Author Archives: Eva Amsen

Apenheul

Last month I went to the Netherlands to visit family. I didn’t just get to see my immediate family, but also some more distant relatives: the inhabitants of Apenheul Primate Park.

Here’s a selection of the many photos I took that day.
Squirrel monkey
Continue reading

Race for the Prize

There aren’t many mainstream songs about scientists. I only know of two. One is quite well-known but I don’t like it and it doesn’t really seem to be about science anyway. The other one is The Flaming Lips’ “Race for the Prize”. It was released in 1999 on The Soft Bulletin, and describes a competition between two scientists who are in a race to find “the cure” (not the band, all lower case).

Continue reading

Toys at sea

In January 1992, a container with yellow duckies and other bath toys fell from a cargo ship in a heavy storm. The container opened in the accident, and the contents spilled out into the Pacific.

Cargo ships lose a few hundred containers at sea every year. The containers usually sink, and the contents end up on the bottom of the ocean. These bath toys, however, were made to float – and float they did.

Song inspired by the travelling bath toys, by Rich Eilbert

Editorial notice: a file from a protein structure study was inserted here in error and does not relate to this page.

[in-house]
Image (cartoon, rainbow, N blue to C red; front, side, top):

Continue reading

Museonder

IMG_4792 When I suggested to my family that we visit National Park Hoge Veluwe in the Netherlands, I was thinking about the wonderful art museum and the free bicycles, but I completely forgot that there is also an interesting small natural history museum in the park – or rather, UNDER the park.

Museonder” is a pun on the Dutch words for “museum” and “under” (which, as you might have guessed, are almost the same as the English words, except under is “onder”). The entire museum is underground, and can be accessed from the visitor center, through a sloping tunnel.

IMG_4788

Continue reading

Portland’s scientific light rail station

ArmsOne reason for my recent absence was a work trip to Portland, Oregon. While I was there, I suddenly found myself in the most science-inspired light rail station I’ve ever seen.

Washington Park station serves a few attractions: the zoo, the Rose Garden, the Japanese Garden,  the World Forestry Center, and other locations. It’s the deepest subway station in North America, and one of the deepest in the world overall. But even cooler: The entire station is inspired by science – mainly geology.

Full platform

Along both platforms (in each direction) is a platform-length core sample, taken during construction, and above and below it are little science tidbits or illustrations. Continue reading